Israel cuts quarantine for asymptomatic COVID patients to 7 days

Top health official says move will help the economy function while safeguarding public health, amid record surge in cases

A Magen David Adom health worker takes a swab sample at a drive-thru coronavirus testing complex in Jerusalem, on January 11, 2022. (Yonatan Sindel/Flash90)
A Magen David Adom health worker takes a swab sample at a drive-thru coronavirus testing complex in Jerusalem, on January 11, 2022. (Yonatan Sindel/Flash90)

Health Ministry Director-General Nachman Ash on Tuesday approved shortening the required quarantine period for Israelis who test positive for COVID-19 to a week, providing they are asymptomatic for the last three of those seven days.

Those still displaying symptoms throughout the week will be required to isolate for 10 days, in line with the current quarantine policy for anyone infected with coronavirus.

A ministry statement announcing the new guidelines said that in recent testing on patients infected with Omicron, most individuals did not have viable virus samples in their blood after a week. Researchers detected living virus in only one out of the 15 samples they tested, or six percent, indicating the chance transmitting the virus after a week was low.

“We decided to shorten the number of quarantine days after examining the matter and finding that the chance of [spreading] infection after a week is low,” Ash said. “This decision will help the economy continue to operate in conditions of high morbidity, while safeguarding public health.”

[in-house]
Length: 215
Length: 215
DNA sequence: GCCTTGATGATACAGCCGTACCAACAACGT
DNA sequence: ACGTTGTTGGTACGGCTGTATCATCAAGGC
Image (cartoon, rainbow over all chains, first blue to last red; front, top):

The change was slated to take effect at midnight between Wednesday and Thursday.

“We won’t mandate people stay in quarantine longer than necessary, in order to protect their health as well as the economy, education, culture and to continue normal life as much as possible alongside COVID,” Health Minister Nitzan Horowitz said in the statement.

Health Minister Nitzan Horowitz (right) speaks with Health Ministry Director-General Nachman Ash during a press conference in Jerusalem, on December 12, 2021. (Yonatan Sindel/Flash90)

The shortening of the mandatory isolation time for COVID carriers was recommended Monday by a panel of health experts advising the Health Ministry.

The move came amid a record surge in morbidity that is sending an increasing number of people into quarantine, leading to concerns of economic fallout as many are unable to work because they are sick, quarantined, or need to care for an infected child unable to attend school.

According to Hebrew media reports, some government ministers have called for slashing the quarantine period to five days due to fears of a labor shortage. The Kan public broadcaster said Prime Minister Naftali Bennett was shown an estimate that 30 percent of the workforce could be required to quarantine within the next week.

In a television interview Monday, Ash said health officials believed a five-day quarantine period, as recommended by the United States Center for Disease Control and Prevention, was too short.

Bennett said keeping the economy functioning was a priority in a speech on Tuesday night.

“The market will stay open as much as possible and the economy will still be working,” Bennett said. “I don’t want to see people losing their jobs, closing their businesses.”

Israel has confirmed a staggering number of new infections in the past week, with each day breaking records.

On Monday, there were 37,887 new cases recorded, and the positive test rate passed 11%, indicating that many cases were likely going undetected.

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